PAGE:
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Indiana honors long-time farm broadcaster, Purdue ag dean
 
By Michele F. Mihaljevich
Indiana Correspondent

INDIANAPOLIS – The chairman of Hoosier Ag Today and the dean of Purdue University’s College of Agriculture have received the 2022 AgriVision Award, Indiana’s highest agricultural honor.
Gary Truitt started the Hoosier Ag Today farm network in 2006. Karen Plaut became the college’s first female dean when she was named to the role in May 2018. Truitt and Plaut received their awards Aug. 4 during a ceremony at the Indiana State Fair.
The AgriVision Award recognizes individuals who have made significant contributions to the agriculture industry, according to the Indiana State Department of Agriculture (ISDA). The award has been given annually since 2007.
For a decade or more, Truitt covered the award ceremony for Hoosier Ag Today. “It was a little surreal to not be in the audience waiting to interview the recipients,” he said. “Historically, I’ve gone up to interview the recipients (after the ceremony). But all of a sudden, they’re taking pictures of me. The previous recipients are lots of really cool people I’ve admired. People who have been mentors or who I have a tremendous amount of respect for. To find yourself selected to be in that group is truly humbling.”
Plaut said she and ISDA Director Bruce Kettler exchanged phone messages a couple of times before they were able to connect and he could tell her she was going to receive the award. “We played telephone tag. When he told me, I admit I was shocked, surprised and very honored. I really love doing what I do both for the state and for Purdue. Looking at the previous recipients, they’re really stalwarts in agriculture. I’m honored to be a part of that group.”
Truitt said the award celebrates a vision people have for agriculture, for Indiana agriculture or for their business or industry. 
“I thought it was important to have a vision,” he explained. “Not only vision with your eyes, but also heart vision. Not only where you are but where you’re going. Farmers understand that. They’re always thinking about heart vision, the future for their farm. (The award) celebrates people who have that vision.”
Truitt grew up in Chicago. His goal was not to be a farm broadcaster but to play rock and roll music on the radio. He did that for a couple of years at a small town radio station, where he was told he had to develop programming that met the needs of his listeners. Those listeners included a lot of corn and soybean farmers. He made contact with some farm networks and later moved to Missouri to work for Brownfield radio network. He came to Indiana in 1985 to start the Indiana Agribusiness Radio Network, later called the AgriAmerica Network.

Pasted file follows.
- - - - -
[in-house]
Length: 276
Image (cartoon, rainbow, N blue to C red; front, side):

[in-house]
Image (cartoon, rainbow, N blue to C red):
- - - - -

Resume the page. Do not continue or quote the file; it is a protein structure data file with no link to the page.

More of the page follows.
“I fell into farm broadcasting, and then fell in love with it,” Truitt explained. “It’s a fantastic industry to be in. I’ve had fantastic experiences along the way. It’s something you do that you have a passion for. Farmers are depending on me. It’s a responsibility I took very seriously. People were making business decisions based on what you said.”
In 2006, after the network had been sold, he founded Hoosier Ag Today, which now has more than 70 affiliates statewide. In 2018, Truitt and Farm World purchased the Indiana/Illinois Farm and Outdoor Power Equipment Show, which was rebranded as the Indiana Farm Equipment and Technology Expo.
Truitt bought the Michigan Agriculture Information Network in 2019 and renamed it Michigan Ag Today. He was inducted into the National Association of Farm Broadcasting Hall of Fame in 2020.
Truitt’s wife Kathleen has been his business partner for the last 17 years. She also kept the home fires burning during all his travels, he noted.
He said he knew he had made it and was successful in reaching his audience after a comment from Don Villwock, former Indiana Farm Bureau president. “He said, ‘Truitt, you think like a farmer.’ I’m not a farmer. I’ve never been a farmer. It was one of the highest compliments I ever had.”
Before Plaut was named the Glenn W. Sample dean of Purdue’s ag college, she served as senior associate dean for research and faculty affairs in the college. She joined Purdue in 2010.
She said she’s especially proud of the work done on the Purdue Moves Plant Sciences Initiative. Under the initiative, the Center for Plant Biology was established, 10 faculty members were hired, and the Ag-Celerator – a $2 million plant sciences innovation fund within the Purdue Foundry – was created. Plaut took the lead in 2013 in writing the proposal that led to more than $20 million in funding for the initiative.
In 2021, for Purdue Next Moves Plant Sciences 2.0, she secured more than $20 million in additional funding. This money will expand and leverage Purdue agriculture’s expertise in digital agriculture, phenotyping and agricultural economics.
“After 1.0 (the first round of funding), I thought, this was a once in a lifetime opportunity,” Plaut recalled. “After 2.0, I thought it was a twice in a lifetime opportunity. Cutting edge technology has started to revolutionize the industry. Digital tools, imaging tools, can be used to find a disease in the field and spray it. You’re not spraying the whole field anymore.”
She considers her work with students to be another highlight. “You can never ignore the impact you may have on the next generation. That’s your long-term legacy, impacting that next generation.”
As dean, she is responsible for Purdue extension, the Indiana Agricultural Experiment Station and several state regulatory services, along with administering academic programs in the college.
Plaut said she doesn’t know why she was chosen for the award, but hopes it was “because I’ve made an impact beyond Purdue. I care very much about the land grant mission. I’m hoping they saw I was making a difference in the state.”
8/22/2022